Judge's mistake leads to reduction in killer driver Dean Stepan's sentence
A KILLER driver who caused the death of a young woman in a horrific crash has won a reduction in his prison sentence after a judge admitted he had made a mistake.
Banned driver Dean Stepan's defence team successfully argued that he had been given too long an overall sentence.
He had been jailed for two years at Grimsby Crown Court on January 18.
But the case resurfaced at Hull Crown Court when defence solicitor advocate Richard Hackfath argued that the prison term imposed by Judge Mark Bury was too long and did not accord with sentencing rules.
Stepan, 31, of Pelham Court, Pelham Road, Immingham, admitted dangerous driving, drink-driving and having no insurance on July 10, and drink-driving, driving while disqualified and having no insurance on December 15.
He was banned from driving for life.
Stepan had blatantly ignored a ten-year disqualification imposed when he was jailed for seven years in 2005 after a death crash in which he had been drinking heavily.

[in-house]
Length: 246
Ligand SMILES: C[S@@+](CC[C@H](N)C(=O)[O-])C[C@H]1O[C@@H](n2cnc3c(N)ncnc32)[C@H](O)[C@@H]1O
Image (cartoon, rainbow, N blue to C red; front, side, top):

Judge Bury branded him a "positive danger to the public".
At the resumed hearing, Mr Hackfath did not dispute the 15 months imposed for dangerous driving, but claimed that other linked offences ought legally to have resulted in consecutive sentences totalling only a maximum of six months instead of nine, making a total of 21 months, not two years.
Judge Bury agreed to reconsider the matter and told the court that Mr Hackfath's point was "well made". He made a three-month sentence for drink-driving on December 15 concurrent, instead of consecutive, and reduced the overall sentence to 21 months.
He told Stepan: "When I sentenced you at Grimsby Crown Court on January 18, I failed to appreciate that the maximum sentence that could be imposed for summary-only offences, even there being more than two of them, was only six months. The sentence I imposed was nine months."
The seven-year prison sentence imposed at Grimsby Crown Court in June 2005 for causing death by dangerous driving followed a crash in April that year in which 21-year-old Donna Rowntree died. The ten-year driving ban imposed that day included a requirement that Stepan could not drive at all until he had passed an extended retest.